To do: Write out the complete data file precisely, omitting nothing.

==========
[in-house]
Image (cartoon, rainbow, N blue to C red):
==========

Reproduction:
[in-house]
Image (cartoon, rainbow, N blue to C red):